Byrne legacy unclear
IRISH comedian Jason Byrne’s 10-year-old son loathes what his father does for a living.
“He’s at the age now where he either calls me Dad or Jason Byrne; they’re two different people to him,” Byrne said.
“So he’ll ask, ‘Is Jason Byrne doing a gig tonight?’.
“And then my 17-year-old son just thinks I’m a clown and I’m not, I’m a serious, deep-thinking comedian – with inflatable ducks.”
Both of Byrne’s sons and his wife have made a rare trip to Australia to accompany him during the Melbourne International Comedy Festival, before he travels west on April 29 and 30 for the Perth Comedy Festival.
But he does not want his boys getting any ideas of following in their father’s career footsteps.
“They’re funny but will be going to college and getting a real job,” Byrne said.
“I’ve been doing this for 20 years and it’s been a terrifying 20 years because you work for yourself.
“Basically when people have a real job, they try to do as little as possible because it’s not their company, but when you work for yourself you have to do as much as possible.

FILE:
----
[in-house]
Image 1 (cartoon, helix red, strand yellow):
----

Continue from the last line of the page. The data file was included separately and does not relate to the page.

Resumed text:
“It’s the whole other end of the spectrum and you have to work day and night. I would hate to see my sons in it, but it’s not like I would stop them.”
Byrne’s latest show Propped Up is, like it alludes to in the title, all about props.
The comedian has returned to his roots of prop-based comedy following an interlude in story-based stand-up.
“I get bored quickly, so I change the show all the time,” he said.
“I have a two-hour show in my head but we can only do an hour, so I just keep swapping and changing it, while my technical manager has a great time keeping up. The audience get on stage and join in the stuff, which is absolutely hilarious.
“It uses up a lot of energy, so sometimes I wish I just sat in an armchair and told stories while smoking a pipe.”
Comedian Jason Byrne.